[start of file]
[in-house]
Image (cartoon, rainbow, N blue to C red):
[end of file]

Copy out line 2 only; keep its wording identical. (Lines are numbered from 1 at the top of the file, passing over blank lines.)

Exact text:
Image (cartoon, rainbow, N blue to C red):